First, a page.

Allison Acclimatization Top Priority For WVU

Allison Acclimatization Top Priority For WVU


ORLANDO, Fla. — It’s been something of a mixed bag for WVU quarterback Jack Allison as he prepares to take the reins of the West Virginia offense in Friday’s Camping World Bowl.

On the one hand, he has been the Mountaineer backup all year. He’s gotten roughly 30% of the snaps during WVU’s weekly preparations. He’s worked with some of the backups at other positions, especially those that could be elevating to bigger roles in the contest against Syracuse, and he’s been in the program for two seasons.

West Virginia quarterback Jack Allison (back) throws over the block of Kennedy McKoy (6)

On the other hand, he hasn’t played in a game yet where he’s under fire, or when the game hasn’t been decided, other than the hand-off or two he’s executed when Will Grier had to come out of the game for a play. Which set of facts will weight most heavily when he gets under center at Camping World Stadium early Friday evening?

Getting his thoughts on the matter isn’t possible, as he’s being withheld from interviews, so his teammates’ thoughts will have to suffice. Those, like the outline above, cover the range of what he’s facing and how he has been working to be as prepared as possible. Receivers, with timing and communication keys, have views on that, while the offensive line also knows it needs to fend off the Syracuse pass rush in order to keep him pressure-free.

“It’s something that just can’t happen overnight, but every time  Will (Grier) was out there, Jack was out there, too, throwing with us,” David Sills said of the chemistry and reads that passer and receiver must share. “So, it’s something we’ve been building for the last couple of weeks, trying to get it as good as it can get before the game. I think we have a pretty good connection. Obviously, it’s not what Will and I had, but we’ve been working towards getting it as good as it can be.”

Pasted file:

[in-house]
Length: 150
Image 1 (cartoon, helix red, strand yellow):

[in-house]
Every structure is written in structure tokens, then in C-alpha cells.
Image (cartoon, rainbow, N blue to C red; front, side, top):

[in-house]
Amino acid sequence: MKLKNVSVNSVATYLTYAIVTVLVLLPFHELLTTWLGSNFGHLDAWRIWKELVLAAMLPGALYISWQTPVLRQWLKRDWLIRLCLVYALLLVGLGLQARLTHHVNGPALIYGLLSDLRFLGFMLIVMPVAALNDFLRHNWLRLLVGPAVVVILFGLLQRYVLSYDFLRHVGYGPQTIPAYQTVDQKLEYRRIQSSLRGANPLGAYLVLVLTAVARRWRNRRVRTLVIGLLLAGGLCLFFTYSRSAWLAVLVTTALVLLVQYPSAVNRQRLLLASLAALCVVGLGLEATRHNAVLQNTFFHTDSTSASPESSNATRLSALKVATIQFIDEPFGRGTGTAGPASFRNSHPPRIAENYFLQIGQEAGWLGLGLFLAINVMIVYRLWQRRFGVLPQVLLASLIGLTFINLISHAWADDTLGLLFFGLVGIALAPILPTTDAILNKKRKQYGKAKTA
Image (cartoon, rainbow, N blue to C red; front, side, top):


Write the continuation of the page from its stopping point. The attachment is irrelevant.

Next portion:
Tight end Trevon Wesco noted that while each passer has his own way of throwing the ball, down to how it comes out of his hand and what it looks like in the air, the adjustment isn’t a big one for him.

“The cadence is a little bit different, and you just have to get together on the chemistry, and the timing of him throwing the football is a little different because everybody throws the football a little bit differently,” he said before changing gears just a bit. “It’s not really that much different. It’s just like throw and catch. You have to catch the ball if it comes out of his hands, so it’s not that different, really.”

The connection process with receivers is fairly straightforward, but it’s also there in more subtle ways at other spots. Running backs need to be comfortable with the exchange on hand-offs, which can vary slightly. Offensive linemen, while not changing their own processes, often have a feel for how their quarterback will react when under pressure or which way he’ll slide to avoid a rush. Getting used to that can help them protect more efficiently.

“It does change some of it, just his playing style compared to Will’s (Grier).,” offensive lineman Colton McKivitz noted. “Baylor, when he came in, he definitely had some confidence that was there, and we believed in him. I think our thing when he came in was to throw a bomb to get him started. He hit (senior wide receiver) Gary (Jennings Jr.) for a long touchdown, so I think that definitely helped with that confidence. This week, and last week in the couple of bowl practices that we’ve had, it’s just building that confidence for him. That’s going to be our job to keep him clean, because if he’s clean early, then he’s going to have that confidence with completions and getting him comfortable back there. So, that’s our biggest part, keeping him clean and comfortable.”

The typical path to building that confidence for a QB in a first-time situation is to set up some shorter passes and simpler completions. That could also help in getting the ball out of Allison’s hands quickly to negate some of the Syracuse pass rush. However, there’s nothing like a big completion downfield to help get a passer going, so it won’t be a surprise to see WVU run some deep routes early.

“He’s getting more confidence in himself with calling the plays out there. He doesn’t have that much experience on the field, but you can tell he’s getting more comfortable every week,” Wesco summed up. “We’ve been practicing for two weeks now, and he’s getting more comfortable every day, and he was getting better every day during the season, so he’s come a long way.”

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